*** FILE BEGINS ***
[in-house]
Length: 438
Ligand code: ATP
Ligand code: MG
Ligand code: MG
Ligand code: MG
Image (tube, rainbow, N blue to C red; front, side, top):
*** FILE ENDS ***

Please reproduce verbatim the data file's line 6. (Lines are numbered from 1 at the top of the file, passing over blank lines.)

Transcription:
Ligand code: MG